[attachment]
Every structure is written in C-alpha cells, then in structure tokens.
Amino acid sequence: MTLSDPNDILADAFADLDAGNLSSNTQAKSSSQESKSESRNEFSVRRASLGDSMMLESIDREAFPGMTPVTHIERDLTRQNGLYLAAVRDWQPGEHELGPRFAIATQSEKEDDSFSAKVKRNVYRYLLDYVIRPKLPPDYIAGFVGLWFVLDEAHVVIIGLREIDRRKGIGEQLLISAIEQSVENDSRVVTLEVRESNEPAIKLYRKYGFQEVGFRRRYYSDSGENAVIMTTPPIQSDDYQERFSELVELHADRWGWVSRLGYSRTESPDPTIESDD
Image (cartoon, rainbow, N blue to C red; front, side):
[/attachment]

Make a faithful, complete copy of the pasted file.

Every structure is written in C-alpha cells, then in structure tokens.
Amino acid sequence: MTLSDPNDILADAFADLDAGNLSSNTQAKSSSQESKSESRNEFSVRRASLGDSMMLESIDREAFPGMTPVTHIERDLTRQNGLYLAAVRDWQPGEHELGPRFAIATQSEKEDDSFSAKVKRNVYRYLLDYVIRPKLPPDYIAGFVGLWFVLDEAHVVIIGLREIDRRKGIGEQLLISAIEQSVENDSRVVTLEVRESNEPAIKLYRKYGFQEVGFRRRYYSDSGENAVIMTTPPIQSDDYQERFSELVELHADRWGWVSRLGYSRTESPDPTIESDD
Image (cartoon, rainbow, N blue to C red; front, side):